Terry became involved with Pepperdine University several years ago through his friend, the late Leonard Straus, whom Terry greatly admired and looked to as mentor. Like Leonard, Terry was interested in Pepperdine's academic excellence, but even more, he supported the ethics and character development in which the University is engaged, as well as its spiritual emphasis. His first contact with the University was Chancellor Charles B. Runnels, who commented, "Terry and Sharon are the kind of people we seek as we continue our quest for excellence within the framework of Christian values. They are people of strong character themselves, and they are concerned for the future of young people."
Through their mutual friend, Dorothy Straus, the Mullins have become friends with Vice Chancellor and School of Law Dean Emeritus Ronald F. Phillips. He said, "I recently visited Terry and Sharon in their lovely home at Hualalai Resort in Kailua-Kona, Hawaii. Terry is excited about beginning a new career there as a home builder. He showed me his fi rst project, a house built on lava rock that he designed and constructed not far from his own home. The craftsmanship of the house is most impressive, with teak and other special woods, and with great attention to detail. Terry built it—as he builds everything in his life—with great care and quality." The house is now for sale, and Terry is already planning other houses on adjacent property, including a home for his daughter, Reilley, who is relocating from her longtime home in Northern California. The community, with a lush golf course in its midst, has dramatic ocean views.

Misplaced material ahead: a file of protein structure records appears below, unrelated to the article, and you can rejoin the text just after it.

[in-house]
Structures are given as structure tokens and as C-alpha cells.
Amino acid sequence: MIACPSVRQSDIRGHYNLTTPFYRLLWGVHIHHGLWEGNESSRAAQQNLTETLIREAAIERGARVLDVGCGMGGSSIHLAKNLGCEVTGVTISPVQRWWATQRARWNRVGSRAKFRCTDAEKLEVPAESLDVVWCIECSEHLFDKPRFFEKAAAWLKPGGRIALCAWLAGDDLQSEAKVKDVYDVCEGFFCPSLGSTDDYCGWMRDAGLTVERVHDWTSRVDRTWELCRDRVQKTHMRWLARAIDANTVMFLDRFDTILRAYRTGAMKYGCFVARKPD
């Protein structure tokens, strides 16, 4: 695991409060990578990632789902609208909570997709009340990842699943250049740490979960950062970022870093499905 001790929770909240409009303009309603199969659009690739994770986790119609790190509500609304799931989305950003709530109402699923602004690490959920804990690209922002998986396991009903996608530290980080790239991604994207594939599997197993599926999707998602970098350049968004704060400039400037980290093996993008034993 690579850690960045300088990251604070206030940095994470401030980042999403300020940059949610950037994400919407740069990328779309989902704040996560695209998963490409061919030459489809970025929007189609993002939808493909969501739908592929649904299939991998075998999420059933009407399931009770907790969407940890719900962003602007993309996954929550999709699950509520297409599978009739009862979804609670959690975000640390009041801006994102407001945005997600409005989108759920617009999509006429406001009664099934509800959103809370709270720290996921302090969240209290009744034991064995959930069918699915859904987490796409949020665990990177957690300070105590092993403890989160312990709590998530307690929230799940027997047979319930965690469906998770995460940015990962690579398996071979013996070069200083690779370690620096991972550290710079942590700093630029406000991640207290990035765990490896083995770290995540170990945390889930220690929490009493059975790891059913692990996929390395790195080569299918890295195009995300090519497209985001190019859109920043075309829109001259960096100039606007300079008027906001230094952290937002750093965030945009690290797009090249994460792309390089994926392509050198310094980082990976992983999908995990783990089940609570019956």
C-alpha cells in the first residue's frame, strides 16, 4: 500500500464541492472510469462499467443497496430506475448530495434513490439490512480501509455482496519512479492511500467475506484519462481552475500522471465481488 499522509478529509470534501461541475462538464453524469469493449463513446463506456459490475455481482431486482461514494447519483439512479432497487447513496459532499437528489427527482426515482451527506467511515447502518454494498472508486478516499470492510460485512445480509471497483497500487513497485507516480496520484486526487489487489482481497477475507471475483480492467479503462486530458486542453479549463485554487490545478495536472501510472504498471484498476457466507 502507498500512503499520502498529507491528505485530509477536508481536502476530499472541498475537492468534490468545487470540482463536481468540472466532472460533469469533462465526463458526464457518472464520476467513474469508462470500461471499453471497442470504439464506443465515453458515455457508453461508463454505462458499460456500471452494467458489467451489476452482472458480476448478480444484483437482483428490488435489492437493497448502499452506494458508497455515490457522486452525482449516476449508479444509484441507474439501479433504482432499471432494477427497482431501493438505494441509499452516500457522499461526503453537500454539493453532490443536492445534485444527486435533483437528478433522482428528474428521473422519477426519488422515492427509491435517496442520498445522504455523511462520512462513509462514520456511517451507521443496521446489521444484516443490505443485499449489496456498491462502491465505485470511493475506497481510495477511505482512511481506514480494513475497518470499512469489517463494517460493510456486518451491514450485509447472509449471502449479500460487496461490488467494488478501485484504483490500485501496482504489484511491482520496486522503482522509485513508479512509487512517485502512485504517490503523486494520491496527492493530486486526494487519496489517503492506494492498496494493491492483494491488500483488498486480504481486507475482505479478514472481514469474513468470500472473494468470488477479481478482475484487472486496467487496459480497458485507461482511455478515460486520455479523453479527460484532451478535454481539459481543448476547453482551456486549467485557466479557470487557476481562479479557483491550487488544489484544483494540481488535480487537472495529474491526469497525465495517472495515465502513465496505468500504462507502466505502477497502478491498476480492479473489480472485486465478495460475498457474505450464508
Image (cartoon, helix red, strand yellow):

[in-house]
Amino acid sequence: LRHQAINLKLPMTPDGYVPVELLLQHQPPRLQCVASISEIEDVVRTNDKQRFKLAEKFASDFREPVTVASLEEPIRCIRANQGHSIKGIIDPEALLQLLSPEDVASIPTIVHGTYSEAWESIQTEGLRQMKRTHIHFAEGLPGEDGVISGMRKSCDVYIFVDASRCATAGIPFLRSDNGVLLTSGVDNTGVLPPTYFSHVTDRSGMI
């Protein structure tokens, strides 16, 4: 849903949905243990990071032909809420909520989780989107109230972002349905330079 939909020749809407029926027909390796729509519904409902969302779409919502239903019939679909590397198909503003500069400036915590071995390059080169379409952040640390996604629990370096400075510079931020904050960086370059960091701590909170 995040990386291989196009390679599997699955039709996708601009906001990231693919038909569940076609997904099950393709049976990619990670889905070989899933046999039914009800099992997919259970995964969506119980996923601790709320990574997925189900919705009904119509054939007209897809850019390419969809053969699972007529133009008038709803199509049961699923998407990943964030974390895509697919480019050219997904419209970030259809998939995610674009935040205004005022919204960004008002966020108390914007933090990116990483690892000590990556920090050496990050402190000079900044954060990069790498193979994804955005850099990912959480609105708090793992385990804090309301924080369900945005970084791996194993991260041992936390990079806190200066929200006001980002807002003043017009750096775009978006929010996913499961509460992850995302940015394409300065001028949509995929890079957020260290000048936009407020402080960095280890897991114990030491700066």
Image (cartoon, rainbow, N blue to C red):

Terry says of his wife, "She is very bright and has a great sense of humor. She makes me feel good." Sharon says that she hopes to be remembered as "a person who was loving and compassion- ate, who put others fi rst, who was generous of heart and spirit." If that is her goal, she has already attained it, according to the person who knows her best, her husband Terry.